What do the world’s multiple crises mean for investors?
With the collapse of the Soviet Union in the early ’90s and the end of the Cold War, political scientist Francis Fukuyama famously declared that the end of this ideological conflict was “The end of history”. By this, he meant that liberal democracies and the free market had essentially won the contest with communism. Was it the end of history and are we in fact entering a new cold war?
This was the theme of a fascinating keynote presentation on geopolitics by Dr Alan Dupont AO, CEO and Founder of the Cognoscenti Group, at the recent Lonsec Symposium. SBP was intrigued to discover what we would learn and what insights we could impart to our clients in the financial services industries.
In front of a packed house of financial advisers and investment specialists, Dr Dupont outlined the state of the world at present: a polycrisis scenario that’s arguably created the most volatile, unpredictable and challenging investment environment since World War II.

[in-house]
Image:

“When you’re talking about systemic change, and long periods of volatility, it becomes very difficult to predict or anticipate what’s going to happen.”
Dr Alan Dupont: Geopolitics | The return of history and polycrisis
What will this mean for business and investors?
Dr Dupont noted that the ratio of executives concerned about geopolitical risk in Asia-Pacific has increased tenfold in just a couple of years. He made the following points about the implications for companies and investors.
- A more divided world poses a fundamental risk for companies that haven’t had to worry about geopolitics for over 30 years
- Countries are moving to trade with states they trust and with which they are strategically aligned – neutrality is becoming more difficult
- We can expect more government intervention in the market
- National security and foreign policy considerations will increasingly drive government economic and investment decisions
- Industries affected could include pharmaceuticals, critical minerals, armaments, AI, quantum computing and high-end computer chips